Parents' Guide to

The Sun Is Also a Star

By Sandie Angulo Chen, Common Sense Media Reviewer

age 14+

Beautiful and philosophical love story is deeply moving.

The Sun Is Also a Star Poster Image

A Lot or a Little?

What you will—and won't—find in this book.

Community Reviews

age 15+

Based on 6 parent reviews

age 14+

Smart characters in the real world

I love the complexity of the world these kids live in and the way the vignettes about side characters show all the ways little decisions can have big impacts on people's lives. The main characters are very smart and believable. While it is a love story, it doesn't have a quintessential happily-ever-after ending, which I think is realistic to the world that is portrayed. The make-out scene may be too much for young teens. The cussing is believable for two teens talking to each other, but again, may not be appropriate for middle schoolers.
age 17+

Not for young readers

Great story but the foul language and make out scenes are too much for kids.

Is It Any Good?

Our review:
Parents say (6 ):
Kids say (65 ):

This touching love story about two teens who fall for each other during 12 intense hours together in New York City is a beautifully written, unforgettable romance. The Sun Is Also a Star is wholly fictional, but the dynamic between logical science and math geek Natasha and sweetly sincere and poetic Daniel is inspired by Jamaican American author Nicola Yoon's own romantic history with her Korean American husband, David. It's no wonder, then, that the whip-smart, geeky banter that Daniel and Natasha share is adorable one moment and intensely soulful the next. They communicate like two people who have known each other for years, even though they're at the start of something undeniably special. Yoon alternates points of view between the two leads and occasionally inserts other perspectives from supporting characters who intersect with Daniel and Natasha during their time together. Those asides might have been a distraction, but they actually enhance and enrich the story and add layers to characterization.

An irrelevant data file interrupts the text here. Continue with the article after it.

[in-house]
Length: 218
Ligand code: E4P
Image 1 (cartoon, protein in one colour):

The odds are stacked against our central couple due to their fundamental differences -- not only their cultural ones but their personalities. She's a realist; he's a dreamer. She thinks love is just a series of chemicals that create temporary feelings of arousal and intimacy, while he believes in fate and soulmates and two people -- them, in particular -- being "meant to be." What else but fate, he suggests, could've led to their meet-cute and subsequent coincidences that brought them together? But despite their many differences, these two are both outsiders from immigrant families. They're at odds with their parents and struggle to be true to themselves. They find something in each other that sparks a sense of safety, happiness, and ultimately love -- even if their future together is uncertain.

Book Details

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